Pennsylvania Gov. Tom Wolf signed into law on Nov. 3 an amendment to extend the Nonprofit Security Grant Program until 2029.
The grant program, created to give funding to nonprofit organizations looking to bolster the security of their facilities, serves majority Jewish faith-based organizations. Administered by the Pennsylvania Commission on Crime and Delinquency, the grant was created in 2019 as part of Act 83 in response to the Pittsburgh Tree of Life synagogue shooting the year prior and was approved to last five years total.
Since its implementation three years ago, the grant has given $20 million to different nonprofit organizations, including synagogues, Jewish community centers, mosques and churches. In 2021, 30 of the grant recipients, receiving $1,293,401 in combined grant allocations, were Jewish organizations in the Jewish Federation of Greater Philadelphia’s five-county perimeter.
“The need is clearly there,” said Robin Schatz, Jewish Federation of Greater Philadelphia director, Government Affairs. “Especially as antisemitic incidents increase.”
Jewish leaders felt the extension of the grant program by another five years was necessary to meet its high demand. Last year, about 20% of applicants received funding, according to Hank Butler, executive director of the Pennsylvania Jewish Coalition. In 2019, 17% of applicants received funding. In 2020, the number was 30-35%.
“The argument is simple, that people who are applying are not getting [funding],” Butler said. “This whole thing started because instead of being reactive to hate crimes and violence, we wanted to be proactive in protecting our communities, our communal facilities, our JCCs, our sanctuaries, our synagogues, mosques, colleges. This was a way of doing it.”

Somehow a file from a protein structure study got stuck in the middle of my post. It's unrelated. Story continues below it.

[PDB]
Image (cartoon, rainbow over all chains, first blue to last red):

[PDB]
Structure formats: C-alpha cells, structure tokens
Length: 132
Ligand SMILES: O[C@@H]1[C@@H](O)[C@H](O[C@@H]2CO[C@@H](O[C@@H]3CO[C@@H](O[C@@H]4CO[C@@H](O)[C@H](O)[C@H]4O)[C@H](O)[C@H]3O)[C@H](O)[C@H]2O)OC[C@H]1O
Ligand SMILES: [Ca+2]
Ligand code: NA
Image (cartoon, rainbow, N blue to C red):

In addition to extending the Nonprofit Security Grant Program for the next five years, the bill will also give the grant program a line on the budget, making it easier to allocate funds in advance. Money for the program will be set aside to be allocated during the passing of the budget. Jewish leaders are hoping for a budget allocation of $5-10 million annually.
The commonwealth Senate and House of Representatives passed the bill with bipartisan support.
“In the days since 9/11, security and heightened security has resonated more with everybody,” Schatz said.
When Butler advocated for the passing of the bill and met with local caucuses, the rhetoric of his arguments remained the same, he said. Most politicians recognize growing security concerns as an issue they need to address.
Antisemitic attacks continue to loom in the area. On Nov. 3, the FBI office in Newark County issued a warning about “credible threats” to synagogues in the area.
According to Anti-Defamation League Philadelphia Regional Director Andrew Goretsky, 21 Jewish institutions reported antisemitic activity in the Philadelphia area in 2021, and 22 reported the same in 2020 — over twice the number reported in years prior.
“The five-year extension of the grant program demonstrates that Pennsylvania’s leaders understand the urgency of antisemitism and the necessity to secure religious and communal spaces,” Goretsky said.
Jewish Federation of Greater Philadelphia Community Security Director Scott Kerns — who was appointed at the end of September as part of the Jewish Federation’s partnership with Secure Community Network — recently toured several Jewish community spaces and consulted with leaders on how they can best enhance campus security. In many cases, this includes installing new security cameras, lights in the parking lot or doors that require key cards to open.
“One of my biggest jobs is to take a look at each facility, because every facility is different, and look to do what we can to harden that facility, so that it is less of a soft target for some kind of attack,” Kerns said.
At the same time, Kerns understands that Jewish community spaces are not “Fort Knox,” he said. Balancing increased security with maintaining a culture of welcoming will be a growing challenge for synagogues and JCCs.
While some people may feel safer attending events knowing that there will be increased security, the same precautions can make others nervous. Kerns said it’s his job to tell people that these security measures are a necessity that allow for the continuation of every day life in Jewish spaces.
“We want openness. That is very important,” he said. “But we also need security.”